In computing, an executable (file) causes a computer "to perform indicated tasks according to encoded instructions, as opposed to a file that only contains data. Files that contain instructions for an interpreter or virtual machine may be considered executables, but are more specifically called scripts or bytecode. Executables are also called "binaries" in contrast to the program's source code.

Interaction with operating systems

Some operating systems designate executable files by filename extension (such as .exe) or noted alongside the file in its metadata (such as by marking an "execute" permission in Unix-like operating systems). Most also check that the file has a valid executable file format to safeguard against random bit sequences from inadvertently being run as instructions. Modern operating systems retain control over the computer's resources, necessitating that individual programs make system calls to access privileged resources. Since each operating system family features its own system call architecture, executables are generally tied to specific operating systems. However, there many tools available that makes executables made for one operating system work on another one. Examples of these include Cygwin and Wine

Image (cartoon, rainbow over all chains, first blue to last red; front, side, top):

See also


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